We recently developed an initiation-dependent model of cell size control that describes the specific growth and division properties in mycobacteria. These properties include asymmetric polar growth and division, shifting lengths of B and E period during slow growth, and increased variability in cell size during slow growth (Logsdon et al., 2017). The new model is named the parallel adder model because it is based on a regulatory mechanism in which cells add two constant growth increments simultaneously. One growth increment spans between two DNA replication initiation events (Δlii) while the other increment spans initiation to division (Δlid) (Figure 4A). Together, these parallel increments allow coupled regulation of cell division and cell cycle dynamics. When directly tested against previously established models of cell size control, including adder and adder-per-origin models, the parallel adder model was significantly better fit to 13 key cell cycle and cell size measurements in M. smegmatis and BCG (Logsdon et al., 2017). The primary difference between initiation-to-initiation adder models in mycobacteria (parallel adder) versus previously studied E. coli (adder-per-origin) is that E. coli cell division occurs a constant time after initiation, while mycobacteria divide after a constant growth increment from initiation to division (Amir, 2014; Ho and Amir, 2015; Logsdon et al., 2017). However, in both cases initiation of DNA replication provides the key checkpoint controlling cell division and initiation in the next generation.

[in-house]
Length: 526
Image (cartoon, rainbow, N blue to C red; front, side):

FIGURE 4. A parallel adder model describes mycobacterial cell size control in fast and slow growth conditions. In the parallel adder model of cell size control, cells grow a constant length between two initiations (Δlii, green bars), and simultaneously grow a constant length between initiation and division (Δlid, white bars). The mean of these two growth increments represents the average birth size. Initiation of DNA replication occurs at the beginning of C period (blue). (A) Parallel adder growth increments (Δlid and Δlii) describe M. smegmatis cell cycle and division dynamics during fast growth. (B) The similar length of M. smegmatis parallel adder growth increments (Δlid and Δlii) in fast growth conditions can cause stochastic overlaps in initiation and division, leading to reinitiation during D period, called E period (shown in yellow). The parallel adder accommodates stochastic re-initiation events including E period and allows recovery of population cell cycle dynamics. (C) The similar length of M. smegmatis parallel adder growth increments (Δlid and Δlii) in fast growth conditions can cause stochastic overlaps in initiation and division, leading to reinitiation during C period, called multifork replication (shown by overlapping C periods). The parallel adder accommodates stochastic re-initiation events and allows recovery of population cell cycle dynamics. (D) The parallel adder model shifts relative lengths of Δlid and Δlii growth increments during slow growth conditions (carbon limited M. smegmatis or BCG in rich medium) to accommodate differences in cell size, growth rate, and cell cycle dynamics during slow growth. However, constant Δlid and Δlii increments pattern is maintained. (E) The parallel adder model leads to cell size convergence in accelerator and alternator subpopulations, despite innate asymmetry. Plot showing parallel adder simulations for progeny of hypothetical cells born extremely large (blue) or small (green). The average cell birth length with SEM bars over eight generations is plotted for a hypothetical cell (accelerator) born 2.53x the population average and a hypothetical cell (alternator) born 0.33x the population average. Average sizes of accelerator and alternator cell progeny from each hypothetical progenitor cell are also plotted with SEM bars over seven generations. Figure (E) is adapted from Logsdon et al. (2017).